“Unlawful occupiers” of land have strong rights under our Constitution and other laws, and most property owners and landlords understand the need to tread carefully whenever the issue of eviction arises. They are required to comply fully with the provisions of PIE (the “Prevention of Illegal Eviction and Unlawful Occupation of Land Act”) – certainly achievable but never to be taken lightly. Bear in mind that a court order is required before eviction, with additional restrictions applying during the pandemic lockdowns.
A recent Supreme Court of Appeal (SCA) decision of Grobler v Phillips and Others (446/2020)  ZASCA 100 shows just how energetically our courts will enforce those occupier rights, even when the strict letter of the law appears to be 100% in favour of the landowner.
The 84-year-old grandmother who can live on in her childhood home
A landowner bought on a liquidation auction a piece of land and a house occupied by an 84-year-old widow and her disabled son.
The widow had lived in the house since she was 11 years old, her father being employed by the farm owner at the time. She in due course married another farm employee and lived on in the house with him. Widowed, she was reassured by verbal undertakings from previous owners that she had a lifelong right to live on in the house.
But when the new purchaser of the property (by now no longer farmland but an urban sub-division of the original farm) she was unable to produce any written agreement confirming her life right to occupation.
The new owner then gave the widow and her son notice to vacate and when they refused to leave, he obtained an eviction order from the magistrate’s court.
After a 12 year trek through the courts, the SCA finally confirmed the setting-aside of the eviction order, and the importance of this to landowners lies in the fact that the owner here had jumped through all the hoops required by PIE –
- The verbal “lifelong right of occupation” granted by previous landowners was not enforceable against subsequent buyers,
- The landowner had removed his consent to the occupants’ right of occupation, thereby terminating it,
- The occupants were therefore “unlawful occupiers”,
- The landowner had offered them suitable alternative accommodation.
A Court’s discretion to refuse eviction – the “just and equitable” test
Our courts always retain a discretion to refuse eviction from residential property and “must be satisfied that the eviction is just and equitable”.
The SCA held that in all the circumstances and facts of this particular case, eviction would not be just and equitable.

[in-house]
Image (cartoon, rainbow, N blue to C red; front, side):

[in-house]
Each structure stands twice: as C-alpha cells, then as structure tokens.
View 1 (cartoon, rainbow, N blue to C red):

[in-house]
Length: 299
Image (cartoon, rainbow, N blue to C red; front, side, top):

Major factors were clearly the widow’s advanced age, her 73 year history of living in the house, her disabled son, and her reliance on verbal assurances from previous owners that she had a lifelong right of occupation (which she clearly if mistakenly believed would be enforceable against new owners).
Had the land still been farmland the widow would have enjoyed the protection given to farmworkers by ESTA (the “Extension of Security of Tenure of Land Act”) and although the land had now changed to urban land, “her status as a vulnerable person, even in the context of PIE, has essentially remained unchanged.”
Commenting that “No case in which an order of eviction from a residence is sought can ignore the visceral reality of what is sought, namely the ejectment of a person from their home in vindication of a superior right to property. Nor can the legal process by which the order is obtained be divorced from our fraught history of eviction and ejectment of vulnerable persons from their homes”, the Court held in all the circumstances that this was a case in which considerations of justice and equity “outweighed protection of the exercise of the right to property that an entitlement to an order of ejectment provides.”
This despite the landowner’s offer to give the widow alternative accommodation in the form of ownership of a unit in a secure residential complex, an offer she turned down because “she was accustomed to life in the house she presently occupied and enjoyed not only the freedom and space it afforded her but also the environment around it.”
The offer of alternative accommodation, although made in good faith by the landowner, did not tilt the scales in favour of eviction because “this was not a case in which the reasonableness or otherwise of an unlawful occupier’s refusal to vacate was a central issue … The true issue concerned the dignity of an elderly and vulnerable woman and a person with disabilities in the circumstances of the first respondent and her son. To hold that these weighty considerations are to give way merely because an alternative abode is offered would negate the first respondent’s dignity rather than protect it.”
The lesson for landowners and landlords
The significance of the landowner’s defeat here is perhaps best summarised in the Court’s own words (emphasis supplied): “PIE recognises that in appropriate circumstances the right to full exercise of ownership must give way, in the interest of justice and equity, to the right of vulnerable persons to a home.”
Before buying property, check for any occupiers, “lawful” or not, and make sure that you can evict them if you need to. As a landlord, ensure that your lease is watertight, and your legal rights protected. There is no substitute for full and specific professional assistance!